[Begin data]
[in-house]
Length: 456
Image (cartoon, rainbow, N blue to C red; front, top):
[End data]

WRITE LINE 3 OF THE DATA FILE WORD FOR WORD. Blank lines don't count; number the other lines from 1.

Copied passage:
Image (cartoon, rainbow, N blue to C red; front, top):